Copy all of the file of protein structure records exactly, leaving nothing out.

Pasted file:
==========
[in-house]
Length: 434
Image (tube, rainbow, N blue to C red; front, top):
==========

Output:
[in-house]
Length: 434
Image (tube, rainbow, N blue to C red; front, top):